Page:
The Mineralogical and Petrographical Laboratories are provided with a large collection of minerals and rocks and are equipped with the necessary apparatus for research work in crystallography and petrography.
The Museum of Geology and Mineralogy comprises an extensive suite of minerals and ores illustrating the chief phenomena of crystals and of economic deposits. There are, besides, many crystallographic models, and relief maps geologically colored. There is a similarly extensive suite of petrological specimens affording a fairly good illustration of the subject of petrology; and many specimens illustrative of the more interesting features of structural geology.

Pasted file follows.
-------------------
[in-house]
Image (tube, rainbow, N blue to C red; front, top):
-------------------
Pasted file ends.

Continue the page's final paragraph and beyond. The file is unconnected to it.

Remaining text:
The Rudolph Spreckels Physiological Laboratory. There are laboratory facilities for about fifty students of physiology in the east wing of the building and for a similar number of students of physiological chemistry in the west wing. The central part of the building is chiefly devoted to advanced instruction and research. The department library contains complete sets of all the important physiological journals, and the more important monographs on physiological and related subjects.